Until more competition enters the market, this section of our review can be very simple, thankfully. I’ll be blunt and to the point…
First things first: the Sony A7R3 has them all beat, in terms of overall features and value. You just can’t get a full-frame mirrorless body with this many features, for this price, anywhere else. Not only does the Sony have the market cornered, they have three options with roughly the same level of professional features, when you count the A7III and the A9.
Having said that, here’s the second thing you should know: Canon and Nikon’s new full-frame mirrorless mounts are going to try as hard as they can to out-shine Sony’s FE lens lineup, as soon as possible. Literally the first thing Canon did for its RF mount was a jaw-droppingly good 50mm f/1.2, and of course the massive beast that is the 28-70mm f/2. Oh, and Nikon announced that they’d be resurrecting their legendary “Noct” lens nomenclature, for an absurdly fast 58mm f/0.95.
If you’re at all interested in this type of exotic, high-end glass, the larger size diameters and shorter flange distances of Canon and Nikon’s new FF mounts may prove to have a slight advantage over Sony’s relatively modest E mount.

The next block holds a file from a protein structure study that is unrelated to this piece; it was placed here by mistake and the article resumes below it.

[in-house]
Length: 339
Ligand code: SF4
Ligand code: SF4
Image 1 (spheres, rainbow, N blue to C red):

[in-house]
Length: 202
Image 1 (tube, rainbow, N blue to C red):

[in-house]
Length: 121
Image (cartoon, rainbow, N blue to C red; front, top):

However, as Sony has already proven, its mount is nothing to scoff at, and is entirely capable of amazing glass with professional results. Two of their newest fast-aperture prime lenses, the 135mm f/1.8 G-Master and the 24mm f/1.4 G-Master, prove this. Both lenses are almost optically flawless, and ready to easily resolve the 42 megapixels of this generation A7R-series camera, and likely the next generation too even if it has a 75-megapixel sensor.
This indicates that although Canon and Nikon’s may have an advantage when it comes to the upper limits of what is possible with new optics, Sony’s FE lens lineup will be more than enough for most pros.
Sony A7R3, Sony FE 70-300mm G OSS | 128mm, 1/100 sec, f/14, ISO 100
Sony A7RIII Review Verdict & Conclusion
There is no denying that Sony has achieved a huge milestone with the A7R mk3, in every single way. From its price point and feature set to its image quality and durable body, it is quite possibly the biggest threat that its main competitors, Canon and Nikon, face.
So, the final verdict for this review is very simple: If you want the most feature-rich full-frame camera (and system) that $3,200 can buy you, (well, get you started in) …the best investment you can make is the Sony A7RIII.
(By the way, it is currently just $2798, as of March 2019, and if you missed this particular sale price, just know that the camera might go on sale for $400 off, sooner or later.)